(There’s Python specific discussion falling on the narrow side as well.)

Anyway, I almost always put multiple arguments passed to functions (or items in lists and dictionaries) on separate lines instead. And in languages that allow it, I terminate every such line with a comma, even if it is the last item. This makes it easier to rearrange, add or remove items and see what was changed in version control. But then I can’t decide how much to indent the items, and where to put the closing parentheses and brackets.

For that same example, I typically would have written:

user     = users.register(
    password=users.pswd(password, username),

This works a bit better for me since text editors would put you on the proper line after you hit enter, whereas having an extra indentation might result in needing to fix this:

user     = users.register(
        password=users.pswd(password, username),
    user2 = 

Your indentation could get screwed up if you miss this. It’s less likely to happen typing code outright, but when rearranging and changing code, it could get missed. Again, it shouldn’t be a big deal, but I should pick a strategy that will likely result in the fewest hitches down the road.

It gets even more complicated when I have structures like this, which are still pretty simple, but involve a bunch of decisions on where to break lines and how much to indent:

    { "token": self.token },
    { "$set": {
            "endpoint":   self.endpoint,
            "token_dict": self.token_dict,

That’s another one a typical Python example might have all on one line. The module I am actually using there is PyMongo for use with MongoDB. In their documentation, it seems they aren’t even consistent, so I guess I don’t feel so bad.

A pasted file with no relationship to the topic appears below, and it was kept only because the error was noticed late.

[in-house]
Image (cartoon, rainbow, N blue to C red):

Here they have items with only one subitem on one line:

result = db.restaurants.update_one(
    {"restaurant_id": "41156888"},
    {"$set": {"address.street": "East 31st Street"}}

But then here they have the $set broken up even though it has one subitem. I don’t see the logic here if there is any.

result = db.restaurants.update_one(
    {"name": "Juni"},
        "$set": {
            "cuisine": "American (New)"
        "$currentDate": {"lastModified": True}

Notice they have the final closing parenthesis at the same indentation level as result = ….

Now, back to assignment alignment. Python’s official (I think?) coding guidelines have a pet peeves section on whitespace. It says:

Avoid extraneous whitespace in the following situations:

  • Immediately inside parentheses, brackets or braces.
    Yes: spam(ham[1], {eggs: 2})
    No:  spam( ham[ 1 ], { eggs: 2 } )
    • More than one space around an assignment (or other) operator to align it with another.


    x = 1
    y = 2
    long_variable = 3